I am not looking for your winning strategies. Just the basic stuff from where to start. Can anyone share their opinions about what should I read to hit the ground running?


1 Answer 1


Many of the strategies are motivated by objective functions (contour integrals) in the complex plane and the elements of complex linear spaces, so I'd recommend at least for an applied understanding:

  • Saff, E. B., and Snider, A. D. Fundamentals of Complex Analysis with Applications to Engineering, Science and Mathematics.

In addition to Saff and Snider, I recommend you take a look at Stony Brook's AMS 523, Mathematics of High Frequency Finance course gives a good outline which includes Banach spaces, Cauchy theory, residue calculus, the Cauchy-Riemann equations, all of which are extremely important in the groundwork for a HFT strategy in the equities space. Note however that these classes of strategies are probably most perfected at SocGen/Latour (Tower Research) though, who have refined them thoroughly over the years.

Also central to HFT is the construction of abstract measures, Hilbert space and positive functionals, and the Lebesgue-Radon-Nikodym theorem is an important milestone. I like Terry Tao's excursion into measure theory, followed by Rudin's attack on the LRN theorem. Rudin's approach is particularly elegant if you pick up from the Riesz representation theorem from Riesz and Nagy's exposition directly:

  • Tao, T. An Introduction to Measure Theory.
  • Riesz, F.,and Sz.-Nagy, B. Functional Analysis.
  • Rudin, W. Real and Complex Analysis.

There's important analogs between statistics and algebraic topology, and it should also come as no surprise that the team that wrote Reflex at GETCO (before they merged with KCG) included several PhDs on algebraic topology, and several of them later left to expand that work at Citadel Securities:

  • May, J. P. Differential Forms in Algebraic Topology
  • Bott, R. A Concise Course in Algebraic Topology

Complex manifold theory, schemes, algebraic affine and projective curves and varieties, and in general the solutions of discrete-time polynomial equations are a common issue if you're modeling high-frequency tick data. Renaissance Technologies and Two Sigma have locked in several of the leading researchers in this space at Harvard's physics department plus several of Zariski/Mumford's former students and have been refining this space of strategies for several years already. If that doesn't deter you from trying, these are the classical references in algebraic geometry:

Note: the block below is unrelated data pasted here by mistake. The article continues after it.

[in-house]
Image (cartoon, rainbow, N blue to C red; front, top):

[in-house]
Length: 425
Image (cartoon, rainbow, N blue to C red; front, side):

• Hartshorne, R. Algebraic Geometry.
  • Griffiths, P., and Harris, J. Principles of Algebraic Geometry

Gathmann's course at the University of Kaiserlautern had very well-written course notes that I found particularly useful when I had to learn algebraic geometry from scratch in my first 3-6 months at a HFT shop.

Lastly, I cannot emphasize enough the importance of renormalization, conformal field theory and gauge theory. This is the primary reason why the HFT teams (DRW, SIG equities etc.) are staffed mostly by physics PhDs rather than applied math PhDs, because it's a natural development before coursework in quantum field theory. Deligne's book was my favorite:

  • Deligne, P. Quantum Fields and Strings

Of particular importance is the range of topological field theories that relate to Chern-Simons theory (half-named after Jim Simons from Rentec) and the Dijkgraaf-Witten theory. Sati and Schreiber also have a wonderful collection of the latest developments and literature in this area.

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    $\begingroup$ Excuse me but how are ANY of the above topics related to high frequency trading? Most everything in hft is related to the efficiency of hardware and technology rather than making probabilistic assumptions and/or predictions (other than of the most simple and computationally efficient kind). You would never reach microsecond space if you had to perform calculations that originated from any of the above topics you listed. And please do not confuse the latency space Simons operated/operated in with hft.(-1) $\endgroup$
    – Matt Wolf
    Oct 21, 2014 at 9:08
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    $\begingroup$ I was on the same Putnam team with some of the notable figures at Rentec today, not sure where you're commenting from. $\endgroup$
    – madilyn
    Mar 13, 2015 at 5:46
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    $\begingroup$ Let's not make this personal please. I read through your answer and I just did not feel it addresses the question and I provided a detailed explanation of my rational. Nothing personal. $\endgroup$
    – Matt Wolf
    Mar 13, 2015 at 9:01
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    $\begingroup$ @madilyn Nice parody, but some people take it seriously. $\endgroup$
    – quant_dev
    Aug 30, 2015 at 23:21
  • $\begingroup$ Agree. This is a nice parody (sarcastic parody?). But have to vote it down in the larger interest of the community. $\endgroup$
    – GuSuku
    Jan 27, 2016 at 19:36

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